In terms of overcoming your grief, we help you to understand the meanings of your losses, and to process the unresolved or complicated emotional residue from these losses. Unprocessed grief and loss can affect our emotional well-being, our functioning in everyday life, and our interpersonal relationships. We support you throughout your grieving process so that you may move forward with your life with a renewed sense of meaning, purpose, and hope. Psychologists and clinicians at CFIR employ psychodynamic and experiential approaches to support you through the process of dealing with past and present-day losses.

Read more about our Depression, Mood & Grief Treatment Service.

Helping You To Cope With Postpartum Depression

by: Dr. Lila Z. Hakim, C. Psych.

Upon birth, many couples will require some time to get used to their new home circumstances. Learning how to create and adapt to sleep and feeding schedules that suit the reality of the couple can be challenging. Numerous issues related to sleep and feeding emerge that can create distress, particularly in the context of a lack of sleep and the novelty of figuring out and managing the newborn’s needs. The relationship will transition during this period to adjust to these new circumstances. 

For some women, this period becomes complicated by depression caused by numerous physical and psychological factors, including a growing sense of isolation, emotional residues of birthing problems, sleep difficulties, and a change in sense of self and identity. Feelings of depression during this period may also be accompanied by self-criticalness and identity challenges that can then increasingly spiral into hopelessness and despair. Partners may also struggle and find themselves slipping into states of anxiety and depression. They may experience similar challenges during this transition period.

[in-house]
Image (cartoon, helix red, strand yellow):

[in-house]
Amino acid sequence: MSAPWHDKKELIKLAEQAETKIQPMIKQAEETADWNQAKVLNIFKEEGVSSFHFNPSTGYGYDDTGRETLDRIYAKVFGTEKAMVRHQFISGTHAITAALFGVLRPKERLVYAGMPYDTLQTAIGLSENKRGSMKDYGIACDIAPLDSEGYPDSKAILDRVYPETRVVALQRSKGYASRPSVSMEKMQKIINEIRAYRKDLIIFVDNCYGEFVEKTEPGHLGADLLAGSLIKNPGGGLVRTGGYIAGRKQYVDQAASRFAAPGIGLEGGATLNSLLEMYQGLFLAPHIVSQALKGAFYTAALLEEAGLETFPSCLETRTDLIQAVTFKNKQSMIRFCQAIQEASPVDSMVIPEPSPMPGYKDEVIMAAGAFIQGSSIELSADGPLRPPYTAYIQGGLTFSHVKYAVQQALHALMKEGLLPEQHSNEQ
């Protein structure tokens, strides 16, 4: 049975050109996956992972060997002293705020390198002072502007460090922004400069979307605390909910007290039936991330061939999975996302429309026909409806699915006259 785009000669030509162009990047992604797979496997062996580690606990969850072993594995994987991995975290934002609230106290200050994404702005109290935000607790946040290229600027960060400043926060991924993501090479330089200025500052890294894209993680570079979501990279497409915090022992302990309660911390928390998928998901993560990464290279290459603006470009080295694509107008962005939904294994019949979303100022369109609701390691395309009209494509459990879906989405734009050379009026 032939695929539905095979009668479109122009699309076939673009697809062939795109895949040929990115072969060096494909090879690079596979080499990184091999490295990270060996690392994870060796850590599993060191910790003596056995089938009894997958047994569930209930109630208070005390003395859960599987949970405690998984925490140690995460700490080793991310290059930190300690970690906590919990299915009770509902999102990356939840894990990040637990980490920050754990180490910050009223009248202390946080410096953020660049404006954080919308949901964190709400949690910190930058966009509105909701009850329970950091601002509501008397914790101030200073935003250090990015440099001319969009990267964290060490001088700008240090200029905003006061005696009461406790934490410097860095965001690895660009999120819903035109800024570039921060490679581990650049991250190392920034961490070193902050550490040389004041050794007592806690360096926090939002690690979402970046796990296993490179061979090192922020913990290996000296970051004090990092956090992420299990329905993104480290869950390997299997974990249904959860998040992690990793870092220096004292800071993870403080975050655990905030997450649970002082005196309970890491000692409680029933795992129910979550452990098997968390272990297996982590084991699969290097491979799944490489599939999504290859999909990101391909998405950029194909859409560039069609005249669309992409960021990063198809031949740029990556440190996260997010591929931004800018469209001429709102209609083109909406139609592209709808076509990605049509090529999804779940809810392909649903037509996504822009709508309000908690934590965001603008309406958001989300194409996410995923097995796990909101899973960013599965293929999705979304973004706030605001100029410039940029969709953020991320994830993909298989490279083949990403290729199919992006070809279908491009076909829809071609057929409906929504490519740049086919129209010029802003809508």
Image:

Psychologists and clinicians at CFIR are able to diagnose and guide the treatment of postpartum depression. We provide support individuals and couples to adjust to their initial challenges upon return to home with their newborn. We help individuals and couples establish solid networks of physical and emotional care and support to ensure that isolation is reduced. We support new parents by providing them with resources to connect to the outside community. We also provide specific psychological treatment for postpartum depression, involving both individual and couple sessions to support women to emerge from the cascading negative emotions and biological turmoil that may occur during this period.

Read more about our Fertility Counselling Treatment Service.

Perfectionism vs. Healthy Striving

by: Dr. Marie-Pierre Fontaine-Paquet, Psy.D., C.Psych.

In this post, we will define perfectionism vs. healthy striving, describe when perfectionism is a problem, and we’ll offer strategies for overcoming perfectionism. 

Defining Perfectionism 

Wishing to do things well and having high standards is often adaptive and can help you to pursue and achieve your goals in life. This healthy striving can be contrasted with perfectionism, which is a felt need to do things perfectly and to regard anything short of perfection as unacceptable. To help clarify the distinction between healthy striving and perfectionism, here are some characteristics of each one.

Characteristics of Healthy Striving:

  • Striving for high but achievable standards that result in feelings of satisfaction and increased self-esteem
  • Motivated by enjoyment of the process, enthusiasm, enjoyment of what you do, and desire for success and mastery
  • Efforts (not just results) give you satisfaction and a feeling of accomplishment
  • Self-esteem is not based on accomplishments and performance
  • Rewarding self or others for good performance
  • Seeing mistakes as opportunities for growth and learning
  • Bouncing back quickly from failure or disappointment

Characteristics of Perfectionism:

  • Repeatedly setting goals for yourself that are beyond reach and reason and not being satisfied by anything less than perfection
  • Motivated by fear of failure, obligation or duty
  • Driven to be the best, but unable to enjoy accomplishments
  • Feeling that your sense of self-worth and acceptance is based on accomplishments and performance
  • Criticism and judgment of self or others
  • Seeing mistakes as evidence of unworthiness
  • Becoming depressed when faced with failure or disappointment

When is Perfectionism a Problem?